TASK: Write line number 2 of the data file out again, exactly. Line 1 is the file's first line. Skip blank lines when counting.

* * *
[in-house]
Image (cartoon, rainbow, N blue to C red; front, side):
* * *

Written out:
Image (cartoon, rainbow, N blue to C red; front, side):